Does female genital mutilation/cutting have any effect on normal birth?

Esra Tamburaci, Özer Birge


Background: World Health Organization’s (WHO) defines female genital mutilation (FGM) as all procedures involving the total or partial removal of female external genitalia without any medical reasons. It is estimated that about 100 million women worldwide are circumcised. After circumcision compications such as bleeding, infection, shock, menstrual irregularity, dysuria, frequent urinary tract infections, pelvic pain and difficulty in sexual intercourse occur with varying frequencies.

Methods: In this article, we aimed to discuss normal vaginal delivery results of 45 term pregnant cases with 3 types of  female genital multilation/circumcision. We know that the vaginal entrance is closed as a result of adhesions in the genital area due to circumcision and secondary complications may develop.

Results: The mean age of 45 patients included in the study was 26.2±8.78 years. Considering the postpartum complications, bilateral labial tissue ruptures in 15 cases, followed by vaginal hematoma in 9 cases, anal sphincter damage in 11 cases, deep episiotomy tears in 8 cases, periurethral tears in 8 cases, deep cervical tears in 8 cases, vulvar epidermoid cyst ruptures in 4 cases and 4 cases. perineal body ruptures were seen in 4 cases, vulvar hematoma in 4 cases, and vaginal mucosal damage in 9 cases.

Conclusions: It has been shown once again that FGM/C is a method that completely changes the female vaginal anatomy and has very serious delivery complications. It is obvious that serious educations and studies need to be done in the countries where this method is applied.


Female genital mutilation/cutting, Normal birth, Circumcision

Full Text:



World Health Organization, Department of Reproductive Health and Research. Eliminating female genital mutilation: an interagency statement. Geneva: WHO; 2008. Available at: Accessed on July 25, 2013.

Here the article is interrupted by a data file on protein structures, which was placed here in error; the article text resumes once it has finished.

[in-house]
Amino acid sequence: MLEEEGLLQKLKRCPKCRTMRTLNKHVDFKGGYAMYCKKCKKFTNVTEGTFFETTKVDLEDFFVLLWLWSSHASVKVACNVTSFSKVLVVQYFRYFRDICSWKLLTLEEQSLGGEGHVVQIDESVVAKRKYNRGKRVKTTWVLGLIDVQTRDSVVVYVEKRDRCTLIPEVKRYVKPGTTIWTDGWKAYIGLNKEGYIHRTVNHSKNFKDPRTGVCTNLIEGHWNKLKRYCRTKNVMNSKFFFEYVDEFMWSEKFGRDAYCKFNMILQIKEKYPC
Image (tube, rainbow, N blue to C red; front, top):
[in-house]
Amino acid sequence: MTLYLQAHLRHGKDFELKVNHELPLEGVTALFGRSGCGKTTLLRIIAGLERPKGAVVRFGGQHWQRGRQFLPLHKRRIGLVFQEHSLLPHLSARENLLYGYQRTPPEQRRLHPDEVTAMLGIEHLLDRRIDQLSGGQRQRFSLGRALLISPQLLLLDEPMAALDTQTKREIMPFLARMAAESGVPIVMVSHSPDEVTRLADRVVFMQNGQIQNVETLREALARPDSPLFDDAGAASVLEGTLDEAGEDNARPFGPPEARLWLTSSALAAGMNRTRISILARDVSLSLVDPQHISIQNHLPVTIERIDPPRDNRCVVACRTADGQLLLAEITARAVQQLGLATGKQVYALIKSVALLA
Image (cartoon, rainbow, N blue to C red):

Shah G, Susan L,Furcroy J. Female circumcision: history, medical and psychological complications, and initiatives to eradicate this practice. Can J Urol. 2009;16(2):4576-9.

Yoder PS, Khan S. USAID. Numbers of women circumcised in Africa: the production of a total. DHS Working Paper 39. Claverton MD: Macro International, 2004. Available at: Accessed on July 25, 2013.

Perron L, Senikas V, Burnett M, Davis V. Female genital cutting. J Obstet Gynaecol Can. 2013;35(11):1028-45.

MacLeod TL. Female genital mutilation. J SOGC. 1995;17:333-42.

Nour NM. Female genital cutting: clinical and cultural guidelines. Obstet Gynecol Surv. 2004;59(4):272-9.

Editorial comment. The lancet. 2013;382:16.

Drakonaki EE, Tritou I, Pitsoulis G, Psaras K, Sfakianaki E. Hematocolpometra due to an imperforate hymen presenting with back pain: sonographic diagnosis. J Ultrasound Med. 2010;29(2):321-2.

Yount KM, Carrera JS. Female genital cutting and reproductive experience in Minya, Egypt. Med Anthropol Q. 2006;20(2):182-211.

Ryckman J, Black A, Fleming N. Adolescent Urethral Coitus: 2 Cases and Review of the Literature. J Pediatr Adolesc Gynecol. 2014;27(1):e9-12.

Alsibiani SA, Rouzi AA. Sexual function in women with female genital mutilation. Fertility and Sterility. 2010;93(3):722-4.

WHO Study Group on Female Genital Mutilation and Obstetric Outcome: Female genital mutilation and obstetric outcome: WHO collaborative prospective study in six African countries. Lancet. 2006;367(9525):1835-41.

Kaplan A, Hechavarría S, Martín M, Bonhoure I. Health consequences of female genital mutilation/cutting in the Gambia, evidence into action. Reprod Health. 2011;8:26.

Banks E, Meirik O, Farley T, Akande O, Bathija H, Ali M. Female genital mutilation and obstetric outcome: WHO collaborative prospective study in six African countries. Lancet. 2006;367(9525):1835-41.

Minsart AF, N'Guyen TS, Ali Hadji R, Caillet M. Maternal infibulation and obstetrical outcome in Djibouti. J Matern Fetal Neonatal Med. 2015;28:1741-6.

Taraldsen S, Vangen S, Øian P, Sørbye IK. Female genital mutilation/cutting, timing of deinfibulation, and risk of cesarean section. Acta Obstet Gynecol Scand. 2021;100(4):587-95.